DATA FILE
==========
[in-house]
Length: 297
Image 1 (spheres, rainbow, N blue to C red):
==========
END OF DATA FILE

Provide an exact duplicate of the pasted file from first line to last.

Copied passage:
[in-house]
Length: 297
Image 1 (spheres, rainbow, N blue to C red):